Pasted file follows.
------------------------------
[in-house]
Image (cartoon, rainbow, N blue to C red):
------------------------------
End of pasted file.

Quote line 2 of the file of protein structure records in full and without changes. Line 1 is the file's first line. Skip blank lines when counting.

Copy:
Image (cartoon, rainbow, N blue to C red):